The University of British Columbia’s Graduate School of Journalism offers a one-of-a-kind class on Reporting in Indigenous Communities. Developed in partnership with several B.C. Aboriginal communities, the course is designed to elevate Canada's not-so-great coverage of Aboriginal issues and focuses on a specific theme. This year’s theme is water, and in this article, UBC students Rachel Bergen and Stephanie Kelly explain the challenges they encountered reporting on Aboriginal issues in B.C. and the lessons they learned.
By Rachel Bergen and Stephanie Kelly
As part of our class project, we reported on a very secretive Stó:lō spiritual tradition called spirit dancing. This tradition a lifelong commitment and involves living in longhouses during the winter, spiritual bathing nearly every day, singing and dancing, counselling younger spirit dancers, and keeping the secret of the dance. But their sacred grounds are being lost because of illegal dumping and it’s no longer to safe to swim.
The process of getting this story wasn’t a simple one. Initially we found potential stories we weren’t confident about pitching because they weren’t original. We researched stories on hydroelectric projects and depleting salmon populations, but we wanted to find a story that had not yet been told.
A few weeks into our semester, we met with Ernie Crey, an advisor to Stó:lō Tribal Council who was a guest speaker in class. He opened our eyes to some of the most worrisome issues in the 19 Stó:lō communities around the Fraser Valley.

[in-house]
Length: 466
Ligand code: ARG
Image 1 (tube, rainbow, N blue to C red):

Not much is known about these spiritual dancers outside of their communities, but Crey told us their sacred places – natural pools occurring in swift moving creeks and lakes throughout the territory – are in danger. Crey provided us with several contacts to interview and we thought we were on a straightforward path towards getting the story.
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But it took us several weeks of failed attempts before we realized why our phone calls and emails were going unanswered. Hundreds of years of abuse – when potlatching was outlawed, and native masks, regalia and artifacts were confiscated – have created a deep engrained sense of mistrust in the Stó:lō for outsiders. Parents told their children to practice their spirituality in private because if they were caught, their spiritually would be outlawed again as it had been in the past or more important artifacts would be stolen. This fear of persecution still lingers for some Stó:lō elders and to this day, certain spiritual practices are kept secret.
We quickly learned that access would be our biggest barrier. Our professor Duncan McCue encouraged us to be as transparent as possible, to do our research, and to be persistent.
Much of our time was spent on the road, driving between Vancouver and Chilliwack. And on many of these trips, we arrived home empty-handed. Sources turned us down for interviews and advised us to give up the story because the topic was too sensitive. We were told no one would want to share their story. This lack of access would be a common theme for the next three months.